It’s a city that envelops and excites with its constant state of flux and evolution. Yet when it comes to fashion week in New York, more often than not, you know exactly where you stand.
For what the opening shows of NYFW’s contemporary brands sometimes lack in sartorial innovation or visionary brilliance, many more than compensate for with consistent flair – and a confident nod of recognition to someone often forgotten on the gilded front rows: the consumer.
The stylish Rag & Bone woman who stalks the streets of Manhattan and West London, for example, will love the latest 1980s-infused collection delivered by David Neville and Marcus Wainwright to chattering crowds on a bitterly cold Friday night.
The show was packed with looks that married form with function, particularly chunky urban outerwear with an edge. Classic menswear pieces got an updated feminine twist: think a collared workman’s jacket with boxy shoulders and a nipped waist in slinky, synthetic indigos and greys; or an oversized, tailored tweed jacket with shocking silky streaks of pillar box red lining, teamed with hot pants and knee-high boots.
The collection exuded effortless wearability, which could also be said about Helmut Lang’s latest offerings, inspired this season by “Rough Terrain”.
Lightweight trans-seasonal fabrics in predominantly earthy hues gave body without weight to the sharp lines of the label’s hallmark silhouettes. Proportions were predominantly top-heavy: oversized and fluffy funnel-neck angora sweaters with tapered pencil skirts or leather leggings were a recurring look. So too were softly tailored blazers with clean, diagonal lines.
Even with the slightly odd Martian inspired prints that closed the show, there was something consistent and grounding afoot on the catwalk – the reassuring emergence of a label’s aesthetic DNA that keeps a customer coming back again and again.
The same could be said for Moncler where, as usual, one-dimensional fashion met with spectacular performance art. Season after season, the recently-IPO’ed luxury outerwear brand goes to great lengths to enliven what would otherwise be a packed stage of ultra-luxe ski jackets, and this season did not disappoint. The curtains of a Midtown theatre rose to reveal a gaggle of operatic tenors revolving on robotic stilts, clad in black tie and cleverly streamlined puffer tuxedos. Soaring behind them were sixty models in monochrome ensembles where the devilishly sleek design quirks inevitably lay in the detail: contrasting, diagonal zipping, cinched in waists and irresistibly furry collars and cuffs.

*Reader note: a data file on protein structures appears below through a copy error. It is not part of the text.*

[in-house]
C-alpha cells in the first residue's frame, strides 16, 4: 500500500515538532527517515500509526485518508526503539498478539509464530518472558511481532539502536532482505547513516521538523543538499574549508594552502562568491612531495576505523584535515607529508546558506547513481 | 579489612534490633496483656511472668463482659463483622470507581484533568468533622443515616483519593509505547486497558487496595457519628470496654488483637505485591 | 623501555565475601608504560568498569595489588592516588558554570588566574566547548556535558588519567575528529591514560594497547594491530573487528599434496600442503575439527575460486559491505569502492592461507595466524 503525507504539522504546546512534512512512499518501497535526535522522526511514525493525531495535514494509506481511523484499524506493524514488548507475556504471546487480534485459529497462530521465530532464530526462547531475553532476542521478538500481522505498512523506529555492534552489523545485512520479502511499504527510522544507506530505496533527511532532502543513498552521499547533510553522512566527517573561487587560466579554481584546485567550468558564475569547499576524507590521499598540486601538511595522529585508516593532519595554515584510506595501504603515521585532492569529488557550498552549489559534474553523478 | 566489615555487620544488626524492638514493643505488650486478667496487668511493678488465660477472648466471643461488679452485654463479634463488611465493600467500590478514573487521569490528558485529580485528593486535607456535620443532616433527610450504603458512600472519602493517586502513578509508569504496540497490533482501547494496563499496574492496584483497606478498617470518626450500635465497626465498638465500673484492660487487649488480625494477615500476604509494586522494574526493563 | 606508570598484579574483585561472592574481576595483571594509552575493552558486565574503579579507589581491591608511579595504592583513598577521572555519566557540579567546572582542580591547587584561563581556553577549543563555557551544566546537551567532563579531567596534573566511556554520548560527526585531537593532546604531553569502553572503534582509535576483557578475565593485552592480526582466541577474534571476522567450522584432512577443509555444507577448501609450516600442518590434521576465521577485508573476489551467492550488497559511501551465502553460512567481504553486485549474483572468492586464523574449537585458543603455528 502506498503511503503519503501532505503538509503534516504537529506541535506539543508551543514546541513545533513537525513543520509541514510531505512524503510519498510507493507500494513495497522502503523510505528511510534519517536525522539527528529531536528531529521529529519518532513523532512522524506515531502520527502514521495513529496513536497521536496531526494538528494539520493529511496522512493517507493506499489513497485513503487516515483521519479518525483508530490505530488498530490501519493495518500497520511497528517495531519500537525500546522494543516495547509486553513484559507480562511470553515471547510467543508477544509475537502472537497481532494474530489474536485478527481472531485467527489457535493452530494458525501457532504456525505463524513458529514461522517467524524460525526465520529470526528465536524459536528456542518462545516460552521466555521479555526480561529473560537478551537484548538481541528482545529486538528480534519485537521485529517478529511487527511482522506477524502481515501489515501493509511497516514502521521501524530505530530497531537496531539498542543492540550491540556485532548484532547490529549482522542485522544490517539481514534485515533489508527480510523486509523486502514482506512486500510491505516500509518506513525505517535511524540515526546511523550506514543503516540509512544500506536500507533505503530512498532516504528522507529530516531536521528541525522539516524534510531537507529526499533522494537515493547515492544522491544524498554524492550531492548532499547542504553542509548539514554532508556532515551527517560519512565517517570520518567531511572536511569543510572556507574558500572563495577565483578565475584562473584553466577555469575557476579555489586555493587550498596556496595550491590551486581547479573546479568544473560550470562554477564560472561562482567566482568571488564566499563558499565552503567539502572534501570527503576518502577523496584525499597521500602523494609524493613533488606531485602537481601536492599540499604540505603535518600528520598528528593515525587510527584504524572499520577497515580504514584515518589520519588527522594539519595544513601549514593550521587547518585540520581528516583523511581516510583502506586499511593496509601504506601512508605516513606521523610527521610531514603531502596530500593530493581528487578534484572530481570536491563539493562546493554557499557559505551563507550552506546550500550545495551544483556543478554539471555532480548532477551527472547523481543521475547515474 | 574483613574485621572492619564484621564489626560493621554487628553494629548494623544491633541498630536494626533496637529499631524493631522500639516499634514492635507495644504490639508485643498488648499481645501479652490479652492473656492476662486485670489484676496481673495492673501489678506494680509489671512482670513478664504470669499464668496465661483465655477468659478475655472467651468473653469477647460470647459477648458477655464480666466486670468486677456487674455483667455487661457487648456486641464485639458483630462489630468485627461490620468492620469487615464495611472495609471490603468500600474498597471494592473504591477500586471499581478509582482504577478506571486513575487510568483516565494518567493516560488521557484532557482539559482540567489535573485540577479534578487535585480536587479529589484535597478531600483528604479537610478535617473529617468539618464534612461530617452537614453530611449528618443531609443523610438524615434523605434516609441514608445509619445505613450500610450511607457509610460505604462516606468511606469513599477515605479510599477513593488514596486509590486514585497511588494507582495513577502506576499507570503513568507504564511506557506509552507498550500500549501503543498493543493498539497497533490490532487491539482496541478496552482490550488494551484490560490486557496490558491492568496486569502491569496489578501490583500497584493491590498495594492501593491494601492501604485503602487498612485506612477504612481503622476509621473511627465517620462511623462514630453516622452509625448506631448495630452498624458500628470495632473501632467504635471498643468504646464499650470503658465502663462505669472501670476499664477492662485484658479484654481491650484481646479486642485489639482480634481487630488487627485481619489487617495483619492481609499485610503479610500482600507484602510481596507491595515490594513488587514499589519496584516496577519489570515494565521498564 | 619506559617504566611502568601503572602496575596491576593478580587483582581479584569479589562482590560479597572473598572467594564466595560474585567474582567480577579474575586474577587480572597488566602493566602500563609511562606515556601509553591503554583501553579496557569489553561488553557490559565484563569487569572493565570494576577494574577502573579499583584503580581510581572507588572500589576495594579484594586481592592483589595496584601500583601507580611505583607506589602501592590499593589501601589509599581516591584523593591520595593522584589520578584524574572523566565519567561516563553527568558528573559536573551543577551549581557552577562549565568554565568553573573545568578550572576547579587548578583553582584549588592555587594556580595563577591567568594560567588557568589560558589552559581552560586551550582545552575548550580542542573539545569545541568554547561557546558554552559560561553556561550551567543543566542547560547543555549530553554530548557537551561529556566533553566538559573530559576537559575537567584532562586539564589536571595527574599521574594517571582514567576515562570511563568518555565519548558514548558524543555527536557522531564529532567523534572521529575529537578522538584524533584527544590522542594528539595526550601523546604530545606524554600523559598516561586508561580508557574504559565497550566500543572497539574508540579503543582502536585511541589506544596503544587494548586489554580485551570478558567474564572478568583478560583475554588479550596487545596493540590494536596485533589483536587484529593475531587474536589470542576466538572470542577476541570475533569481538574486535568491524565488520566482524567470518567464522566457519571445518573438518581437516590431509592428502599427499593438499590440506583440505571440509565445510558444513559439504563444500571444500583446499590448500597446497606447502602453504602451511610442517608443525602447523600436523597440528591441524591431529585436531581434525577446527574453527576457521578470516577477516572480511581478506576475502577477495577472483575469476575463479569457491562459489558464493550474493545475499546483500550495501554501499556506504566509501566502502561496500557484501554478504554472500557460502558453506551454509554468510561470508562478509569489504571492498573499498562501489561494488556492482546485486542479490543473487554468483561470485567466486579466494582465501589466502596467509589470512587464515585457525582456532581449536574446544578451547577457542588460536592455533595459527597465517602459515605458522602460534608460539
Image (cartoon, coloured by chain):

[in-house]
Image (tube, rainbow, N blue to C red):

Over at Lacoste, modern sportswear was also the name of the game – albeit fused with the nonchalant elegance of 1920s golfing gear.
Some of the highly structured pea coats and sleeveless tunics seemed more rigidly stiff than chicly formal. But efforts by designer Felipe Oliviera Baptiste to mix street with slouch in a palette of olives and rich burgundies were better – logo-emblazoned varsity jackets teamed with loose menswear pants, or sweater and skater skirt combos with retro style shoes and gloves felt far more relevant, flirty and fun for a brand that should keep looking forward, not back.
At Creatures of the Wind too, there was nostalgia in the air – as evidenced by the slightly cluttered and confusing array of influences on show. The standout first look – a long, lapelled and broad-belted mohair coat in zebra print gave way to similar silhouettes, but with more muted punch. Overly heavy layering often overwhelmed pretty, textured fabrics, though an off-white cropped top, shirt and lattice-patterned skirt combo towards the end was charming – without clear definition of what its designers wanted it to be.
The boldest attempt by a brand at vivacious experimentation while staying true to a distinctive core – and customer – was seen as Suno, fast becoming one of the most hotly anticipated shows on the NYFW calendar. Erin Beatty and Max Osterweis were inspired this season by the rags to riches tale of Romanian gypsies in the aftermath of the fall of the Berlin Wall. Quirky, colourful pattern-blocking infused bohemian richness within girlish three-tiered tunics or robe coats in shades of cobalt blue and brushed berry red; meanwhile the chintzy, embroidered cocktail dresses in confidently roomy, contemporary cuts had chutzpah with both uptown and downtown appeal to the aspirational urban-dwelling twenty-something with elevation on her mind.